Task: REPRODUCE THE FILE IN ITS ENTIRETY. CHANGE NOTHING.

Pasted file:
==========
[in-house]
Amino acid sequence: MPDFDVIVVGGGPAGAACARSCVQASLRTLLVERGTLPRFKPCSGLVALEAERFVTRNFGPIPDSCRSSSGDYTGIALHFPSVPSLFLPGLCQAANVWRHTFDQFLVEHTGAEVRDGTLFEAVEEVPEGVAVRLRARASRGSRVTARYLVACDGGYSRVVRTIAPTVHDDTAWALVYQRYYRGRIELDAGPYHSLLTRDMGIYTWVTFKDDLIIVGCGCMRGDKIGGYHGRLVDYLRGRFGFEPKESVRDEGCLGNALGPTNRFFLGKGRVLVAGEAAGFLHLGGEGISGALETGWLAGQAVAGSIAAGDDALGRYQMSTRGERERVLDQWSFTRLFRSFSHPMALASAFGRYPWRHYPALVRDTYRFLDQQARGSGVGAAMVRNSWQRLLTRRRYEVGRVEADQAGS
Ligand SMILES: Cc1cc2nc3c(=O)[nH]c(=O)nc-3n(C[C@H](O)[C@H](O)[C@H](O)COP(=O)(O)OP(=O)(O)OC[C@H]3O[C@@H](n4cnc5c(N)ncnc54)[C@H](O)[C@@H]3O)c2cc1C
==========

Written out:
[in-house]
Amino acid sequence: MPDFDVIVVGGGPAGAACARSCVQASLRTLLVERGTLPRFKPCSGLVALEAERFVTRNFGPIPDSCRSSSGDYTGIALHFPSVPSLFLPGLCQAANVWRHTFDQFLVEHTGAEVRDGTLFEAVEEVPEGVAVRLRARASRGSRVTARYLVACDGGYSRVVRTIAPTVHDDTAWALVYQRYYRGRIELDAGPYHSLLTRDMGIYTWVTFKDDLIIVGCGCMRGDKIGGYHGRLVDYLRGRFGFEPKESVRDEGCLGNALGPTNRFFLGKGRVLVAGEAAGFLHLGGEGISGALETGWLAGQAVAGSIAAGDDALGRYQMSTRGERERVLDQWSFTRLFRSFSHPMALASAFGRYPWRHYPALVRDTYRFLDQQARGSGVGAAMVRNSWQRLLTRRRYEVGRVEADQAGS
Ligand SMILES: Cc1cc2nc3c(=O)[nH]c(=O)nc-3n(C[C@H](O)[C@H](O)[C@H](O)COP(=O)(O)OP(=O)(O)OC[C@H]3O[C@@H](n4cnc5c(N)ncnc54)[C@H](O)[C@@H]3O)c2cc1C